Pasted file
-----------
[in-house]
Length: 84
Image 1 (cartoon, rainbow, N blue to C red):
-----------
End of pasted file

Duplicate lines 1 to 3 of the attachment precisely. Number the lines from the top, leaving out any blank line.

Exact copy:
[in-house]
Length: 84
Image 1 (cartoon, rainbow, N blue to C red):